Weighing the Pros and Cons of Pool Resurfacing

No doubt, your community pool is a source of summer entertainment for the homeowners in your community. With the 2016 pool season wrapping up, now is the perfect time to begin considering repair and improvement projects for the following year, such as pool resurfacing.
 
Knowing the facts about pool resurfacing can help alleviate any hassles and ensure your community enjoys a quality pool experience for years to come. To help you understand the facts about resurfacing, we’ve turned to the experts at American Pool Enterprises, the largest swimming pool management company in the United States. This is what we learned:
 
When you begin to see cracks in your pool, that’s the first indication it’s time for a pool resurfacing project. Typically, you have two options: paint or plaster. Although with only two options, this may seem like a simple decision, but it’s far from it. There are many factors to consider such as climate, the age of your pool, the location of your pool, your budget and what material is currently being used.
 
An excellent community association management company will be experienced in this area and can weigh in with its expertise and insight to make a recommendation for a reliable pool specialist. However, before you cross that bridge, consider these pros and cons of each option.
 

Option 1: Paint

(Acrylic, water, epoxy or rubber paint bases)
 
Pros
  • Appearance: Paint has a smooth and seamless finish.
  • Choices: It comes in a wide variety of colors.
  • Longevity: Epoxy-based paint has an expected lifespan of 10-years. 

Cons

  • Durability: Acrylic-based paints don’t last as long as epoxies.
  • Limitations: If you choose epoxy-based paints, they’ll require catalysts and hardeners that need to be mixed precisely. Also, epoxy-based paints are only an option if your surface is currently unfinished or made up of a similar epoxy.
  • Peeling: If debris gets into the wet paint (due to wind, for instance), it will likely peel later on.
  • Time: The surface must be dry for five days prior to painting, after which it will take up to three days for the paint to dry.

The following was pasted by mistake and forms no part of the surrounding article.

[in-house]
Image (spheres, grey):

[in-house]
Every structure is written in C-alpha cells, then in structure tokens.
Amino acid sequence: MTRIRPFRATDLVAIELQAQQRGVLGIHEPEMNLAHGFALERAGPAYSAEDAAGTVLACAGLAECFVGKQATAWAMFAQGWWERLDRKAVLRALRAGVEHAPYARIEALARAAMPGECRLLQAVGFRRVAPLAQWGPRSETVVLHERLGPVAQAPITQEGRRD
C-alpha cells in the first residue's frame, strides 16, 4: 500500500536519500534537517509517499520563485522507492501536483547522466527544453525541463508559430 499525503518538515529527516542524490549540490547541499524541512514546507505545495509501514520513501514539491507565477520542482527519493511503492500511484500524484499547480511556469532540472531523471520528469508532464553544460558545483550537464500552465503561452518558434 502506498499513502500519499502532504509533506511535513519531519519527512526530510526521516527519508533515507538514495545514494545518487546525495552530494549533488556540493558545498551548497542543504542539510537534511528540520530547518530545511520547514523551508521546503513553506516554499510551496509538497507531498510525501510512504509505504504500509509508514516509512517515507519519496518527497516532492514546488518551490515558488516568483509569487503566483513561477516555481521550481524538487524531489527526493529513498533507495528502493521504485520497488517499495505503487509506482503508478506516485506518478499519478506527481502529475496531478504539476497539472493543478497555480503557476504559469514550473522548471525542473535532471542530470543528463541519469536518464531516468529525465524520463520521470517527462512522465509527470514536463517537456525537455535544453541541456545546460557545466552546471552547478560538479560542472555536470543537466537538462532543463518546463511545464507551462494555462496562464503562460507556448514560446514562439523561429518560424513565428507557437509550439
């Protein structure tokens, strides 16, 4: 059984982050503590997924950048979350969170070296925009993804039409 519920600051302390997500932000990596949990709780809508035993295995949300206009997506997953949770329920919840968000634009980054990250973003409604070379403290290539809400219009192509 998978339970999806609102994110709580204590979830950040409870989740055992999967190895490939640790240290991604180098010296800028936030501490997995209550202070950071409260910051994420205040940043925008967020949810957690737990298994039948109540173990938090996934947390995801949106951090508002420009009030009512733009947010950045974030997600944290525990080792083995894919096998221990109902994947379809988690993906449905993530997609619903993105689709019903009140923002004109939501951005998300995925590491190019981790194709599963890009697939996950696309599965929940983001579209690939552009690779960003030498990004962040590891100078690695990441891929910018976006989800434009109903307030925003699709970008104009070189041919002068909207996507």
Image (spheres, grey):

• Potential dangers: If the alkalinity of your water is off or if the conditions for the application process were not perfect, you may experience blistering, peeling or chalking of the paint.

 

Option 2: Plaster

Pros

  • Appearance: It has attractive texture options, such as colored aggregate, exposed aggregate and polished.
  • Ease: The prep time is simpler since the surface does not need to be dry for application.
  • Durability: Plaster has a longer lifespan than paint.
  • Customizable: Pebbles, quartz and glass beads can be added for a stylish look. Additionally, these fancy features can actually extend the lifespan of the plaster by approximately 10 to 12 years. 

Cons

  • Routine maintenance: Since plaster is semipermeable, water can slowly sleep through, requiring maintenance about every 7 to 10 years.
  • Complexity: This application process takes several steps, including water blasting and application of a special bonding coat.
  • Potential eye sore: If your water chemistry isn’t exact, the plaster can develop a mottled or whitened look.

     

There is no one-size-fits-all solution, so it pays to seek advice from your association manager who can recommend a trustworthy pool resurfacing professional. That way you can be confident that your decision will be made with all factors considered such as location, water quality, the current pool surface and, of course, your budget.


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